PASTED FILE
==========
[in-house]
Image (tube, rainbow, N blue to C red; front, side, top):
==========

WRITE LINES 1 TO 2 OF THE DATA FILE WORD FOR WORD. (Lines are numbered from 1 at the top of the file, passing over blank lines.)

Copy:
[in-house]
Image (tube, rainbow, N blue to C red; front, side, top):